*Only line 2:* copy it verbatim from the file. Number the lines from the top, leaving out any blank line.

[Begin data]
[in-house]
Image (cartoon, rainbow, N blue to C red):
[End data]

Image (cartoon, rainbow, N blue to C red):